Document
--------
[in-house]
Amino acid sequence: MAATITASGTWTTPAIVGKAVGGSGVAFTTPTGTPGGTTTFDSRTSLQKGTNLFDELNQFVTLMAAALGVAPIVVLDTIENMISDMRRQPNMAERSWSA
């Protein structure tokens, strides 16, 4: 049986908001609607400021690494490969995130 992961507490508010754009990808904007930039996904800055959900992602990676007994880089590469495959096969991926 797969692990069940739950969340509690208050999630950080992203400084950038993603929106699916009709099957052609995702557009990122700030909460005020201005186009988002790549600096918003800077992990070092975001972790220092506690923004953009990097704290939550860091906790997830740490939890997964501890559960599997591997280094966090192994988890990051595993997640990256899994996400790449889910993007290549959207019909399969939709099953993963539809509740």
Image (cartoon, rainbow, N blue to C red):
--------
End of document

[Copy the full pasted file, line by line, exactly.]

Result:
[in-house]
Amino acid sequence: MAATITASGTWTTPAIVGKAVGGSGVAFTTPTGTPGGTTTFDSRTSLQKGTNLFDELNQFVTLMAAALGVAPIVVLDTIENMISDMRRQPNMAERSWSA
């Protein structure tokens, strides 16, 4: 049986908001609607400021690494490969995130 992961507490508010754009990808904007930039996904800055959900992602990676007994880089590469495959096969991926 797969692990069940739950969340509690208050999630950080992203400084950038993603929106699916009709099957052609995702557009990122700030909460005020201005186009988002790549600096918003800077992990070092975001972790220092506690923004953009990097704290939550860091906790997830740490939890997964501890559960599997591997280094966090192994988890990051595993997640990256899994996400790449889910993007290549959207019909399969939709099953993963539809509740």
Image (cartoon, rainbow, N blue to C red):